Yahoo! has announced that it will discontinue Y! Briefcase service. Well it was about time as really never knew anyone who actually used this service.
What Y! Briefcase did contribute to was a series of innovative abuse-prevention measures. When the service was launched, storage of any kind was very expensive and Yahoo Briefcase offered 30MB of free storage online. (Remember these were the days when your email capacity was few MB’s). It was frustrating when you had more than 30MB to store online and one had to buy a premium user accounts to store more.
Some intelligent hackers decided to write a small application, which would go to Yahoo Briefcase, create few thousand accounts and then take large amounts of data, split them into chunks of 30MB, and spread them across these accounts. So you had free, almost unlimited storage online and this application was using Yahoo Briefcase in the background. These applications were suddenly using up more than 60% of the system resources alloted for Y! Briefcase. How would one stop this ?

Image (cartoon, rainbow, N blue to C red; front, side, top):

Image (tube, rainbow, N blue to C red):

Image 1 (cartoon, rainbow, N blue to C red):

I was privileged to be part of the team that had to solve this problem. Udi Manber who was the Chief scientist at Yahoo! at that time decided to step in and help with these problems. We had just heard about a small research project named ‘CAPTCHA‘ which was being tested in Carnegie Mellon University. We looked at it, played with it and finally decided to roll it out to remove automated creation of accounts. We had few hiccups, and over time learnt to build a bulletproof CAPTCHA product. This as far as I know was the first large scale deployment of CAPTCHA which of course today is used in almost all web applications. Of course some people got around the CAPTCHA problem by using real human.
A lot of other anti-abuse and rate-limiting measures were first introduced thanks to Yahoo! Briefcase which are used across Yahoo as well as across many web applications today. This was also the only project which I ever had to write entirely in C++ (I’m still a big fanboy of procedural programming languages). Though the service is dead, it did help fuel a lot of webapp security tools which everyone uses today.